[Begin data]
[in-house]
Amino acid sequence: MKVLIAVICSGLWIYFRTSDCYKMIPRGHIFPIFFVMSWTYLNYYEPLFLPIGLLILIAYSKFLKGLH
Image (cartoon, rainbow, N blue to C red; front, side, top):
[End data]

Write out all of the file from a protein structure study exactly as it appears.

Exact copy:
[in-house]
Amino acid sequence: MKVLIAVICSGLWIYFRTSDCYKMIPRGHIFPIFFVMSWTYLNYYEPLFLPIGLLILIAYSKFLKGLH
Image (cartoon, rainbow, N blue to C red; front, side, top):